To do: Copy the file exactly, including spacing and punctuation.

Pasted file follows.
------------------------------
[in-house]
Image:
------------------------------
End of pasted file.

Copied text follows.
[in-house]
Image: